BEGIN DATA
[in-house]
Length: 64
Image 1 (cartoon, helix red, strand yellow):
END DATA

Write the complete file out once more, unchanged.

[in-house]
Length: 64
Image 1 (cartoon, helix red, strand yellow):